Much as the American electorate has grown older, it has also rapidly grown more diverse and less white. In 1992, white voters comprised 87 percent of the electorate; today they comprise 72 percent. However, only in 2002 did there begin to appear a marked difference in the share of non-white voters between midterm and presidential elections. In both 2006 and 2010, the midterm electorate was three points whiter than the immediately preceding presidential electorate.
Democratic Share of Two-Party House Vote by Race, 1992-2012
Between 1992 and 2012, House Democrats have always done between 30 and 39 percent better with non-white voters than white voters. However, whereas a widening generation gap between the parties has deemed existing generational turnout patterns more dire for Democrats in 2014, the story of race is a mirror image: a widening racial turnout gap between midterms and presidential years has made an existing partisan racial gulf more dire for Democrats in 2014.
Is there any hope that Democrats can find the silver bullet to turn around their midterm turnout woes with minority and younger voters? In truth, the forces that drive more older voters to the polls in midterm years are beyond the control of either party's smartest micro-targeting squad. About the best case scenario Democrats can hope for is to try to make the drop-off among youth and minority voters just a little less dramatic.
There are some efforts underway: as Bloomberg's Joshua Green wrote just today in BusinessWeek, the whiz-bang Obama Big Data geek squad that surgically targeted casual voters to generate a five million vote reelection margin has set up shop as Civis Analytics, catering to both corporate clients and 2014 Democratic candidates. The DCCC has expanded its targeting department, and has reached out to Civis and others for help in turning out "casuals."
But so far, there doesn't exactly appear to be a Democratic "Manhattan Project" geared towards tackling this problem, in part because not all Democrats seem to be focused on how dire it is. As Cook Political Report National Editor Amy Walter wrote two weeks ago, "Organizing for Action, the Obama campaign operation-turned-grassroots organization, is designed to promote the Obama Administration's agenda, not to turn out Democratic voters in 2014."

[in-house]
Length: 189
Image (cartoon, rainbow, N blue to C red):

Are there House Democrats who could actually perform better in 2014 than they did in 2012? Yes, a few. An important distinction between midterm and presidential electorates is that midterm electorates tend to know their incumbents more personally. This is good news for personally popular Democratic Reps. John Barrow (GA-12), Mike McIntyre (NC-07), and Jim Matheson (UT-04), who nearly lost amid 2012 presidential turnout in heavily GOP districts.
But there are also places where Democrats are likely to face especially severe headwinds in 2014. These include highly transient districts where Hispanic and other minority turnout gyrates wildly between presidential and off-years. In fast-growing CA-36, for example, Democrat Raul Ruiz lost to then-GOP Rep. Mary Bono Mack by 16 points in the initial June 2012 race, but won by six points when Hispanic turnout exploded in November.
For most Democratic House candidates, a good rule of thumb might be to subtract two to three points from the 2012 Democratic percentage in the district to come up with a reasonable approximation of a "starting point" for a 2014 race. That means most Democrats probably need to perform about five percent better among Independent voters in 2014 just to stay afloat at 2012 levels, and would need an even higher share of Independents to pick up seats. Wow.
Cook Political Report Web Editor Loren Fulton contributed to this report.